As one banker had succinctly said, all the cost of upgrades, mainframes, and software is still a small manageable fraction of big bank’s operating expense. Now you know why small banks are losing out to the big boys.

Price of convenience

For people, the benefits of doing online banking are the savings and conveniences offered. Imagine not having to regularly step out of the house to pay bills, or to arrange for week-long overseas vacation trips without the fuss.

Still, with all the security issues cropping up, we get so many reminders on how to keep our money safe. Some can be quite expensive (have a regularly updated anti-virus service and personal firewall) and tedious (change your password preferably every two months).

I guess such is the price one has to pay for all the conveniences we have come to value. As long as the benefits outweigh the cost, digital banking wins.

In this era of continued attacks on online banking, my advice is to go win-win. Keep your online banking money separate and limited from the rest that are not used for digital transactions. That way, you can sleep better at night.

Local parts for new jeepneys

In our previous column last week, we gave space to Raymond G. Tumao, one of our readers, who shared his views on the government’s jeepney modernization program. We continue with his Caribou plan, a sort of cooperative hybrid that would address perceived weaknesses of the plan that the Department of Transportation will adopt. Read on.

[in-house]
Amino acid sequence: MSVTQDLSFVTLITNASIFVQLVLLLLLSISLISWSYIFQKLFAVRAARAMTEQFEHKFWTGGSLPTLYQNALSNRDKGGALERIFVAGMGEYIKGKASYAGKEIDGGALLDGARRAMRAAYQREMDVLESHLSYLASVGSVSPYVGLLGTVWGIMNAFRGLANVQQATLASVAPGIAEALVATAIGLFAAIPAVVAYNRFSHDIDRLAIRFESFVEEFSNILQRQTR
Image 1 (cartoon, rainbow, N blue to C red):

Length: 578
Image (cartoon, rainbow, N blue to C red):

“The new replacement jeepney shall be manufactured locally using as much local parts as possible. The actual price of each model should be P850,000 for the 32-pax (capacity) and P750,000 for the 20-pax (capacity). The new types of vehicle shall have a useful life of 400,000 to 600,000 kms, after which the models shall be modernized according to the times and needs. 

“The vehicles shall be maintained solely by an after-sales service team, including a research and development team, that will constantly do research in auto and fuel modernization schemes while awaiting further discoveries in alternative energy.”